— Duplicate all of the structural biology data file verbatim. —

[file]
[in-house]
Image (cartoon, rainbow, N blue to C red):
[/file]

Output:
[in-house]
Image (cartoon, rainbow, N blue to C red):